I had lots of fun writing a more hero-centric story this time and Lukio is hands down my favorite male character to have written. First of all, he is a no-holds-barred bare-knuckled fighter (which is rooted in the ancient and brutal sport of Pankration) so I got to channel my inner MMA fighter and have some fun getting out some imaginary aggression. But he is also a hurting little boy on the inside, one who feels deeply and is wounded from what he perceived to be devastating betrayals. His journey to healing was so satisfying for me and no matter how many times I edited it all, I cried every time I read the final scenes. Also, since there was a childhood friendship/romance between Lukio and Shoshana, there was lots of intriguing history between them which added a different dimension to their reunion. Since ten years have passed since they’ve seen each other and a lot of life, and in Shoshana’s case pain, has occurred in that gap, they are in some ways completely different people by the time the book opens. It was an interesting challenge to think about how they relate to the “newness” of each other, while at the same time holding on to the sweet, secret friendship they enjoyed in the past. I love how they complement each other and how their relationship develops over the course of the story, despite all the obstacles between them.


What part of BTWB did you have the hardest time writing?

Honestly, this story poured out of me in a way that none of my books have before. I wrote the entire manuscript by hand and was so in love with the characters that there was not any part that was a major challenge. This is why the next series is a spin-off, because I just couldn’t let go of my friends!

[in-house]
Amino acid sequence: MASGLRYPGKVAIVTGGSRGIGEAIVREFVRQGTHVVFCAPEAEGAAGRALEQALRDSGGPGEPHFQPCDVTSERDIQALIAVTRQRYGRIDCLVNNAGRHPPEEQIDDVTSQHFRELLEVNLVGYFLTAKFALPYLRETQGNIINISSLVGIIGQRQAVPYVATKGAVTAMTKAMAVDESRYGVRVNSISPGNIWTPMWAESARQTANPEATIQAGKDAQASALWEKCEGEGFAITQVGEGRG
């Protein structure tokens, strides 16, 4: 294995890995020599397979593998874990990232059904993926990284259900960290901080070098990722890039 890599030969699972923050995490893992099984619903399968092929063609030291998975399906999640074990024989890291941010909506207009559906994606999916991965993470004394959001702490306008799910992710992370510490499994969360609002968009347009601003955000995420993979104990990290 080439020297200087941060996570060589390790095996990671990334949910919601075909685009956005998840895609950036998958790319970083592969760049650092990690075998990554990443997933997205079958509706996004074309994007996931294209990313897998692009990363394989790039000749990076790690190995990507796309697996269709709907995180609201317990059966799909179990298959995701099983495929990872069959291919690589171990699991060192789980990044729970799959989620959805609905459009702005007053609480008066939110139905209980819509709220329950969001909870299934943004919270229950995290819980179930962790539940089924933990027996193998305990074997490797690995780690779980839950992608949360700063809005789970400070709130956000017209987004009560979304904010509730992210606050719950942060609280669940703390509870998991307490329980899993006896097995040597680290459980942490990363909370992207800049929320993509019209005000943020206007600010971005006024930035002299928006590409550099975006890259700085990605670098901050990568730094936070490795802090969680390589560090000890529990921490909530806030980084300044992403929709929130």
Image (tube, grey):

Thank you Connilyn for answering these questions, and for continuing to write these stories of healing and redemption!



To learn more about the author, please visit her website at connilyncossette.com.


To learn more about the first book in the series, To Dwell Among Cedars, please click on the book title, or go here to read my review.




Note: This post contains affiliate links from Christianbook.com. This means if you purchase one of these books after clicking on the link, I will generate a commission from that purchase. This does not influence my recommendation of the books.

Friday, July 2, 2021

Summer 2021 Reading List


I signed the kids and myself up for the summer reading program at one of our local libraries this year! Since I will be reading quite extensively,  I thought I would create this list to show you what I have plans for this summer! I have already finished 6 of the books, which leaves me with 6 more to go!  What are you reading this summer? Have you read any of the books on the list?


Daughter of Jerusalem by Joanne Otto

I stumbled across this book while searching for others on Amazon. I wasn't familiar with this author, but I ordered it anyway because of the subject matter, and because I read a sample first. I have already finished this book. It was a short read, and meant for probably middle school readers or young adults. Because it was a story about a girl who lives in Jerusalem during the time of Jesus, I enjoyed reading it.


Between the Wild Branches by Connilyn Cossette

This is part of a two book series called The Covenant House series, and is the story of two siblings, a brother and sister.  The first book was To Dwell Among Cedars If you click on the book title for To Dwell Among Cedars, you can read a review I did previously. I have finished Between the Wild Branches, and am currently working on a review for that as well.


Encountering Jesus in the Real World of the Gospels by Cyndi Parker

This book is a nonfiction book that takes us from Eden to the Resurrection. It covers the history of Israel and other people groups leading up to the time of Jesus, in an effort to give the reader/learner a clearer picture of what the time/space/place was like during the time of His earthly ministry. I first listened to this book on audio, and loved it so much I had to buy a paper copy. There is a lot of information about place and history, which is usually hard for me to follow unless it is in story form, but the author made it so relatable that it was easy to connect. It helped that the subject was Jesus.


When Calls the Heart by Janette Oke